Church, Clergy, Social Media, and the Pandemic

A Reflection in Conjunction with World Communications Day 2021

May 15, 2021

By Rev Fr Dr Clarence Devadass

For two millennia, a chain of such encounters has communicated the attractiveness of the Christian adventure. The challenge that awaits us, then, is to communicate by encountering people, where they are and as they are.
(Pope Francis, World Communications Day 2021)


Anyone who has watched the documentary "The Social Dilemma" will come away thinking what a "monster" we have created through the World Wide Web and how our lives are no longer our own - it is time to disengage! Does it stop them from social media, though? Surprisingly, no.  Ironically, it is the very same individuals that will probably post their dissatisfaction online around how we are all "trapped" in this complete loss of privacy and doomed if we don't do something to stop this "monster". Truth be told!  We are a generation that quickly forgets even when we feel guilty and make bold pronouncements as an immediate after effect. Somehow, we come back right at it as soon as we leave. As the documentary quotes, "Social Media is a drug," – it is quite apparent how it does really lead to an addictive tendency.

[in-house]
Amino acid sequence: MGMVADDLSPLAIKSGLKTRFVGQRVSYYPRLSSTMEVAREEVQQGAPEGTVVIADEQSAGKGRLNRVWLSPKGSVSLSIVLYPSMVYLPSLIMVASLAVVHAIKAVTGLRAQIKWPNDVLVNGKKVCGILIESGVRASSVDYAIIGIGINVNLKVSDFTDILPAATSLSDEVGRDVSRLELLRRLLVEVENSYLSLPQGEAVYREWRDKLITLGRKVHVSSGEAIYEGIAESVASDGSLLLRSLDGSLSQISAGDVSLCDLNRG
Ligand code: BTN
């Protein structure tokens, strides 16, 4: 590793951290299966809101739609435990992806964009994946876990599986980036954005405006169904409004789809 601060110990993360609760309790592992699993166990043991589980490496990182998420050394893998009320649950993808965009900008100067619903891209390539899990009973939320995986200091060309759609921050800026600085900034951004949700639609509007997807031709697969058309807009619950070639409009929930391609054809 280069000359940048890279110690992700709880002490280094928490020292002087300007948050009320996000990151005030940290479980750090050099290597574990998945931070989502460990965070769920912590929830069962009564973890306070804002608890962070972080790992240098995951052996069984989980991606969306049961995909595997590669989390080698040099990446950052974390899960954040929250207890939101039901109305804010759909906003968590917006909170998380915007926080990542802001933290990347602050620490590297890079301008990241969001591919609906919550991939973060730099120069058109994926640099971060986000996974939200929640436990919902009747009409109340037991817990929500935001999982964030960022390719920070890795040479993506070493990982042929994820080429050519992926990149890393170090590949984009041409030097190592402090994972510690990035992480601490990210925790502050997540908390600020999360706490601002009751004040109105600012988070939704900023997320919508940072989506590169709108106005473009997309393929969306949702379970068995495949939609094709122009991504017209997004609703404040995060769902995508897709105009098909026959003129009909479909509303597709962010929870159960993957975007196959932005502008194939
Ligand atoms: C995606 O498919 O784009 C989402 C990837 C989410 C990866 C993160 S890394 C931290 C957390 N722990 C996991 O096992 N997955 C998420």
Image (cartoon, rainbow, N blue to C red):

When Tim Berners-Lee, a British scientist, invented the World Wide Web in 1989, it was initially conceived and developed to meet the demand for automated information-sharing between scientists in universities and institutes around the world. Never in Lee's wildest dreams would he have imagined the future of connectivity the likes of what we see today.  Social Media   - "the lovechild" of the World Wide Web has also drastically reshaped the way we live today. Appearing in a wide range of forms, it includes Social Networks (Facebook, Twitter, LinkedIn…), Media Sharing Networks (Instagram, Snapchat, YouTube…), Discussion Forums (Reddit, Quora, Digg), Bookmarking & Content Curation Networks (Pinterest, Flipboard), Blogging & Publishing Networks (WordPress, Tumblr, Medium..), Consumer Review Networks (Yelp, Zomato, TripAdvisor), Social Shopping Networks and Interest-Based Networks – certainly not an exhaustive list. From a web of information to what the digital world is to us today, it is evident that social media is here to stay, and we can never go back to where we were before.

Technology: The Brave New World
Let's take a look at some digital trends that will reshape the landscape for Church as we know it.    The new Digital 2021 April Global Statshot Report (published in partnership between Hootsuite and We Are Social) reveals that more than 6 in 10 people on Earth now use the internet. Internet users that number 4.72 billion equates to more than 60% of the world's total population.  

Meanwhile, the number of social media users has increased by an average of more than 1.4 million each day over the past 12 months. This rapid growth has propelled the global total to 4.33 billion, which equates to more than 55% of the world's total population.